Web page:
Many tks!

    • I’ve always thought rubbing hands together was a universal portrayal of begging, be it begging for mercy or forgiveness, etc, but I guess that gesture must be unique to Korean culture.

      The saliva on your nose from your tongue gesture – I’m not positive about this one, but I think this is done as a subjective palliative response to pain or discomfort. If you can you give me the episode number and time when this gesture occurs, I can double check it. Thanks.

      • sorry to chime in. I also thought that rubbing hands to together was a universal sign for begging. in my culture that is the gesture for begging.

        • Don’t be; you can “chime in” whenever you feel like it.

          I was just watching the second episode of “Protect the Boss,” and when the lead guy tells the lead gal to go and get the facial bruise caused by his father’s slap checked in a hospital, she holds the compensation envelope given to her by his father away from him while telling him that she can just put “saliva” on it as she touches her tongue with her finger and dabs on her wound with the finger. So, Koreans must think of saliva as some kind of salve or antibacterial ointment, and they are not completely off the mark as saliva has some anti-bacterial function among other protective and digestive functions.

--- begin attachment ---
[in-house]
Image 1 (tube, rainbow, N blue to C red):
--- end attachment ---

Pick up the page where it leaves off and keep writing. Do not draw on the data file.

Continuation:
But if not directly on the wound, why put saliva on the nose? Maybe nose is a representive organ if the pain is internal. Your guess is as good as mine. 🙂

  2. Clasping the hands together in a forward and backward motion is a gesture of begging (also of praying) in my culture, but not the rubbing of hands though which I have only seen in k-dramas (eg during the Solar eclipse in Jumong, the fearful Buyeo citizens went down on their knees and made this gesture) which madee wonder whether this only happens in dramas or also in real life.

    As for the dabbing tongue-nose repeatedly with fingers gesture, yes I think this could be a palliative response to pain or discomfort or maybe to test whether one is in a dream or awake akin to pinching? I don’t think this gesture was made in LTM but I have seen other actors (usually female leads) do this in other dramas which I though was such a cute and curious gesture!